People making planning applications to improve access or facilities for disabled people in Jersey will no longer have to pay a fee.
Changes to planning application fees for 2015 will also benefit developers, as the fee for changing the use of a building from multiple dwellings to a single dwelling is to be halved and the fee for changing the use of a building to a non-residential use is being capped.
Overall, planning fees in Jersey are set to rise by 2.5% from 12January 2015, in line with the States-approved Medium Term Financial Plan
The changes come on top of those introduced by the Planning and Building Services department in 2014 which included a cap on large-scale development fees, a saving on outline planning applications, where developers only pay 25 per cent of the standard charge up front and the consolidation of four material alteration fees into one single lower fee.
Peter Le Gresley, Director of Development Control at the Department of the Environment, said: “In response to feedback from our customers, we introduced a number of positive changes in 2014, and these amendments to our fee structure for 2015 will provide further cost reductions.”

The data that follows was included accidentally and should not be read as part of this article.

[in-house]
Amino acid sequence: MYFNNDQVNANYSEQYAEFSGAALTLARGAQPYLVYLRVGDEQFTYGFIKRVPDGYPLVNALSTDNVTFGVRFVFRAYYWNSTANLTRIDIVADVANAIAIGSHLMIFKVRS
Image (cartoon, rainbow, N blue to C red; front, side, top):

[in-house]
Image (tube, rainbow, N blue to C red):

In the last 12 months the Planning and Building Services department has dealt with 98 per cent of minor planning applications within less than eight weeks, and with 84 per cent of major applications within 13 weeks.
Peter said: “Among the other changes we put in place were measures to improve the turnaround for planning decisions. These have worked well and, to date, we’ve exceeded our targets.”
The number of people who might benefit from the abolition of planning fees for improving disabled access and facilities could rise as the island’s population ages. According to the States Strategic Plan the number of people over the age of 65 is set to double by 2035.
Developing better services for disabled people in Jersey is also part of Senator Ian Gorst’s written manifesto as Chief Minister. He said: “At the moment the Island’s approach to the provision of services for those with a disability is piecemeal. It is essential that all Islanders are afforded an opportunity to participate in Island life. To do this we must adopt a strategy that sets out a cohesive approach to disability.”
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